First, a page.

void f() { cout << "C::f" << endl; } // continues to be virtual
        };
        
        }
        
        int main() {
          auto_ptr<abyss::A> base(new abyss::C);
          base->f();
           // method called using pointer to base gets dispatched to C::F
        
          return 0;
        }
        

        Take notice of the “once virtual always virtual” rule that states that once a method is qualified as virtual there is no way to turn off the dispatching mechanism provided by the language for virtual functions. Unlike Java, C++ does not have the notion of final (which interrupts the dispatching). This means that, even though neither B or C classes qualify f() as virtual, the call to base->f() shall be dispatched as if it was.

        I like to follow the convention to place an explicit virtual qualifier to make clear the expected behaviour. It would be nice to have some kind of warning from the compiler, but no issue is raised (at least when using g++ 4.5.1).

         


        Best Reading

        Ξ April 8th, 2011 | → 0 Comments |
        Programming |, , , , |


        Today I finished one of the best C++ books that I’ve ever read. “Modern C++ Design” by Andrei Alexandrescu is amazing. The techniques presented are ground breaking, and I must admit the joy of learning about the described techniques was immense. This is certainly a must-read book for all C++ afficionados, like myself.

        Reading this book made me believe (I was sure of it from the start, even before starting) that there’s still much to learn about C++. This book is certainly not for the faint of heart. In order to keep up with the huge amount of new concepts, techniques and approach, I had to “build” a mind-map. Check it out to have just a glimpse of the books contents, as “seen” by me. 

         


        A Puzzle…

        Ξ November 6th, 2010 | → 0 Comments |
        Programming |, , , |


        The Exceptional C++ book series by Herb Sutter are amazing. The three books* provide (sometimes not so easy but) very interesting puzzles related to the possible uses of modern C++ programming. Its perfect to the passionate programmer, and you can be sure to learn and enjoy the time spent reading these books.
        Here is an excerpt from Item 4 of More Exceptional C++, which intends to find a mechanism to check, at compile time, that a given class D is derived from a base class B.

        template<typename D, typename B>
        class IsDerivedFrom
        {
          class No { };
          class Yes { No no[2]; };

          static Yes Test( B* ); // declared, but not defined
          static No Test( … ); // declared, but not defined

        public:
          enum{ Is = sizeof(Test(static_cast(0))) == sizeof(Yes) };
        };

        I have to admit that it took me a while to understand what the hell was going on in this piece of code. Can you see how this solved the issue? Very clever, right!?

         


        * Exceptional C++, More Exceptional C++ and Exceptional C++ Style

         


        int64_t vs long long

        Ξ February 21st, 2010 | → 0 Comments |
        Programming |, , , , |


        This last monday morning, a colleague enters in my office and asked for my… how should I put it… let’s say technical advise.

        This time the discussion was about using int64_t and double in some deprecated code involving type casts and trunc of doubles into integers.
        This discussing made me research a bit about C and C++ data types regarding integers, since somewhere along the way I listened to something like “I was told to use int64_t because long long is architecture dependent”. It struck deep.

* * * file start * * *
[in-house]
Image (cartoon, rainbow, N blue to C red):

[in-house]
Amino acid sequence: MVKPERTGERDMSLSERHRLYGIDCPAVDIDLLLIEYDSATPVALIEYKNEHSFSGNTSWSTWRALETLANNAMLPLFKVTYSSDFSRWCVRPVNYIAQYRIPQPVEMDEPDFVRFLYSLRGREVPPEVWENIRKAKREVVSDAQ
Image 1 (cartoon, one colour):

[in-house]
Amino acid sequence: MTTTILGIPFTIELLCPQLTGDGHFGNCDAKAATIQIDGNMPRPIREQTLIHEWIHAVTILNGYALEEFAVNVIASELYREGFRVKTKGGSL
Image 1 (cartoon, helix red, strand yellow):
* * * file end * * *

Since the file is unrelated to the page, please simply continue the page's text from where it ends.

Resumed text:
Let’s start with some simple clarifications:

        •  int, or signed int, type must contain at least 16 bits (since the standard mandates that in must support values ranging from -32,767 to +32,767)
        •  long, or long int or signed long int, type must contain at least 32 bits (since the standard mandates that in must support values ranging from -2,147,483,647 to 2,147,483,647)
        •  long long, or long long int or signed long long int, type must contain at least 64 bits (since the standard mandates that in must support values ranging from -9,223,372,036,854,775,807 to 9,223,372,036,854,775,807). Note that this data type was first defined by C99 standard.

        © kainet

        Regarding int64_t, as it seems, C99 standard defines a header files called stdint.h as part of the C standard library, that contains portable definitions for integer types. Portable in the sense of explicitly stating the number of bits used to represent a given integer. The definitions are in the form of intN_t and uintN_t, for N bit integers and unsigned integers, respectively. This way the programmer can ensure that, whatever the wordsize used by the processor, the right range of values can be represented. The standard garantees that the widths for these types must be ≥ N.

        However well supported by modern compilers, take notice that stdint.h is not officially in the latest C++ standard (know by C++03).

        Looking again at the statement that aroused my curiosity, what is the relation between int64_t and long long?
        Well, they represent the same thing in most architectures! Both int64_t and long long first got defined by C99 standard, but int64_t definition ensures that 64 bits are used for represent the integer value while with long long at least 64 bits must be used.

        For example, some architectures represent long and int with the same number of bits (32 bits). The standard only requires at least N bits. :-)

         


        To i++ or to ++i…

        Ξ April 25th, 2009 | → 0 Comments |
        Programming |, , , |


        The question is very simple. When writing a for loop, such as the following one

        for( int i = 0; i < 10, /* increment i */ )

        Between i++ or ++i, which increment operator would you use? Why?

        If you choose the answer “It’s the same! Both increment i.“, or if your answer was “I have always used i++, because /* some place ulterior reason here, like ‘I’m programming in c++ and not in ++c’ */“, then your might thing improving your c++ knowledge a little bit. :-)

        I just learned it myself, so I’ll share. In fact, it’s so simple it makes me wonder how many of these small details are missed every time my C++ source code lines are incremented. The best increment operator to be used in the pre-increment.

        Why? Because it avoids the creation of a temporary variable. Post-increment (i++) has to create a temporary variable to store the return result (that you won’t be using), while incrementing this as expected. Pre-increment simply increments the value of this and returns.

        So, systematically using ++i, instead of i++, should improve your runtime performance – even if so slightly.

         


        On the nightstand...